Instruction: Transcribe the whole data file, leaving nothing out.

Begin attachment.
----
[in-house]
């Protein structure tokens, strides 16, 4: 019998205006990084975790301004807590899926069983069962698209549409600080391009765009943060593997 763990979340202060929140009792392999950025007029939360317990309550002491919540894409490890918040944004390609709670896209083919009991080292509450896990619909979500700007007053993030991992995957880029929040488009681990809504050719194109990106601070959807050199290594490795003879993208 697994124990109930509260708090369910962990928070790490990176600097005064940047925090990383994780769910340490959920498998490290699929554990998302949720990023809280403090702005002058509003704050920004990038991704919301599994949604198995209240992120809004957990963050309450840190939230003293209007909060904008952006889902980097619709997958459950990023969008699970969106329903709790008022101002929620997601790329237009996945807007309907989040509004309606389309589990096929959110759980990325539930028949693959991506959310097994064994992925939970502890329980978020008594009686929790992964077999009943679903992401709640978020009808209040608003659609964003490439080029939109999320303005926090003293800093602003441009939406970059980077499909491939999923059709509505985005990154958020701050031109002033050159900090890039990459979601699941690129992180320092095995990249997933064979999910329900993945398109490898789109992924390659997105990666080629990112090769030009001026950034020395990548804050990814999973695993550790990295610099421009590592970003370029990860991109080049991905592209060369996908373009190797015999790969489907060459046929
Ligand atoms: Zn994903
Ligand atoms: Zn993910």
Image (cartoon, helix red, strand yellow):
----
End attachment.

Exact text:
[in-house]
């Protein structure tokens, strides 16, 4: 019998205006990084975790301004807590899926069983069962698209549409600080391009765009943060593997 763990979340202060929140009792392999950025007029939360317990309550002491919540894409490890918040944004390609709670896209083919009991080292509450896990619909979500700007007053993030991992995957880029929040488009681990809504050719194109990106601070959807050199290594490795003879993208 697994124990109930509260708090369910962990928070790490990176600097005064940047925090990383994780769910340490959920498998490290699929554990998302949720990023809280403090702005002058509003704050920004990038991704919301599994949604198995209240992120809004957990963050309450840190939230003293209007909060904008952006889902980097619709997958459950990023969008699970969106329903709790008022101002929620997601790329237009996945807007309907989040509004309606389309589990096929959110759980990325539930028949693959991506959310097994064994992925939970502890329980978020008594009686929790992964077999009943679903992401709640978020009808209040608003659609964003490439080029939109999320303005926090003293800093602003441009939406970059980077499909491939999923059709509505985005990154958020701050031109002033050159900090890039990459979601699941690129992180320092095995990249997933064979999910329900993945398109490898789109992924390659997105990666080629990112090769030009001026950034020395990548804050990814999973695993550790990295610099421009590592970003370029990860991109080049991905592209060369996908373009190797015999790969489907060459046929
Ligand atoms: Zn994903
Ligand atoms: Zn993910």
Image (cartoon, helix red, strand yellow):